How, why, and did men in Corinth (or in the church and culture at large for that matter) “cover” their heads while praying and prophesying? Greeks did not wear veils[12] in worship (or otherwise), but the Romans did when offering sacrifices, and that fact seems key to interpreting Paul’s insistence on the heads of males being uncovered before God in worship. Archaeological discoveries now show that in contemporary Roman society both males and females commonly covered their heads when making sacrifices to the gods.[13] The weight of recent scholarly opinion also sees Roman culture, not Greek, as dominant in Corinth during the time of St. Paul.[14] These considerations are important to understanding what Paul meant when referring to the “covering of the head.”

Does Paul speak of men and women in general or only of husbands and wives? Since the Greek words ἀνήρ and γυνή in 1 Cor. 11:2-16 do not differentiate between “husband” and “man” or between “wife” and “woman,” some scholars try to limit Paul to speaking only of husbands and wives, citing such things as 1 Cor. 15:29-36, where references to wives follow immediately after a discussion of prophecy.[15] Scholarly opinion, however, is in favor of “man” and “woman.”[16] Note that in vv.8, 12, and 14-15, ἀνήρ and γυνή cannot easily mean “husband” and “wife.”

Does “covering” mean hair or does it mean some kind of veil in vv.4-5? Some scholars believe the “covering” in these verses is actually hair, citing vv.14-15, where Paul does speak of hair as a covering. If so, then long hair on males in v.4 could have a homosexual dimension.[17] Other scholars believe Paul is talking about a piece of clothing. They see Paul citing nature in vv.14-15 as a sympathetic witness to the need for a female covering, not as a substitute solution. A reasonable person could go either way just looking at vv.4-5 only. Archaeological discoveries showing males and females sacrificing with heads covered would argue for a piece of clothing in vv.4-5.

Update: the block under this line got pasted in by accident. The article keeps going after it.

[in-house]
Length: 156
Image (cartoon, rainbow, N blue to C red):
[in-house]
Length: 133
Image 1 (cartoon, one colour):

How does a man or woman glorify or shame his or her “head”? Corinth had a shame-honor– based culture,[18] so it is not surprising to see these concepts emphasized. To glorify means to give honor or weight; e.g., “eternal weight of glory” (2 Cor. 4:17). In ancient Corinth, the attire of women reflected the status of their husbands, so a well-dressed wife could be said to glorify her husband. On the other hand, Paul may have been concerned that unveiled women (glorifying their husbands) or women with unbound hair (glorifying themselves) would distract men from worshipping God. If so, it is hard to see why his stipulations did not apply to all women instead of being limited to prophetesses.